As I am writing this, it is snowing outside! Normally, I am not a huge fan of snow, but for some reason it does not bother me this time. Maybe because of the Christmas music playing in the coffee shop right now. Maybe because of the Christmas season in general. Maybe because my mother-in-law dislikes snow more than I do and it is fun to pick with her about it.

Either way, as the snow comes down, I am reminded of my 3-year-old niece singing “Let It Snow” while grandma sings “no-no-no!” Many of you know that song, and for some reason my niece LOVES this song. My wife and she sing it together every time they get the chance. They love this time of year. Just recently, my niece said that she, “loves Christmas!”

outputRight now, she is into the presents, Elferd – the elf at grandma and pop-pop’s house (who today has gotten into an M&M’s bag, as you can see), and singing “Let It Snow” over and over and over again. However, she does understand what Christmas is all about – the birth of Jesus Christ.

All this gets me thinking about how we approach this time of year. We spend way too much money. We stress ourselves out trying to find a gift for everyone, plan special events, work around special schedules, and decorate our houses. There literally are a dozen other illustrations that just happened in the last few days that I could use to describe this phenomenon, but “long story short” we need to pause and ask ourselves, “What is Christmas really about?”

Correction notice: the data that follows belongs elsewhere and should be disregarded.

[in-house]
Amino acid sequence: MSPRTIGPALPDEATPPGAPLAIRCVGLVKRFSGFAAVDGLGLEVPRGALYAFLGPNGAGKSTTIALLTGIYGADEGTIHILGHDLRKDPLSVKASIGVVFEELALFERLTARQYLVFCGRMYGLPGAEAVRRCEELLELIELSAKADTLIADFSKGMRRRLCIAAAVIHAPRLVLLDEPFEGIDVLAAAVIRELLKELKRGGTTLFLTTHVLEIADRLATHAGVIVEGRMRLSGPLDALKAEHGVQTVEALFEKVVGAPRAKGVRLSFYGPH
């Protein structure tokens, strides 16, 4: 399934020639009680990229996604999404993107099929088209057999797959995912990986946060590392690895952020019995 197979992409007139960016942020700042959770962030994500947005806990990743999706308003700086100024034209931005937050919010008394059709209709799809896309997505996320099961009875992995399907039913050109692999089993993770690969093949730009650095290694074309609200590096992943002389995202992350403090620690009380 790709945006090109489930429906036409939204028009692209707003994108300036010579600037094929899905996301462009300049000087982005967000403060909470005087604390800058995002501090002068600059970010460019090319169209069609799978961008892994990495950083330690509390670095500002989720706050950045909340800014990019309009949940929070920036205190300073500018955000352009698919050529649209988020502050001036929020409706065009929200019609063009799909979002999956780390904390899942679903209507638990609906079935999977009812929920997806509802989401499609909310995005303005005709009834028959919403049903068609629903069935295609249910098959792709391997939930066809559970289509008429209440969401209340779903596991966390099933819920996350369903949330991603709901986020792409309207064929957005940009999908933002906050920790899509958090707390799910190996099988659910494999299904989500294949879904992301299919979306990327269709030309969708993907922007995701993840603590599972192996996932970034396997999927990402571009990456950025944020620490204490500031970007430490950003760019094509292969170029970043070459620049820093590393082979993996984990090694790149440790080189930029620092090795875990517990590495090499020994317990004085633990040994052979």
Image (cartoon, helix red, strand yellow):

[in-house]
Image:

This past Sunday was the first Sunday of Advent – the week of hope. Many of us (and many churches) highlight the Jews waiting for the coming Messiah. In Jeremiah chapter 33 verses 14 through 16 it says,

“‘The days are coming,’ declares the Lord, ‘when I will fulfill the good promise I made to the people of Israel and Judah. In those days and at that time I will make a righteous Branch sprout from David’s line; he will do what is just and right in the land. In those days Judah will be saved and Jerusalem will live in safety. This is the name by which it will be called: The Lord Our Righteous Savior.’”

“The days are coming…when God will fulfill the good promise He made.” I think too often we still work that way. We hope for the days when God is going to come. We say, “the days are coming” when maybe something good will happen. We hope for a lot of things: whether we will get our shopping done, our house decorated, not go into debt to make it all happen, will family show up, will certain family not show up, will everyone behave themselves, and a million other things. As Christians, we emphasize the hope the people had for the coming Messiah, but here is the reality: The Messiah HAS COME! We no longer hope for His coming. We no longer hope for salvation. It is time to live into the gift He has brought and provided for us. What we hope for is His return when He will come set things right and gather His people with Him to spend eternity with Him in heaven.

So, this Christmas season, I encourage you to hope for Christ’s blessing and His second coming. We celebrate His first coming, but remember He is here. He has come. He is with us! No more waiting. No more hoping. Life with Jesus is available. And that life starts right now and lasts forever. Anyway, I was just thinking…

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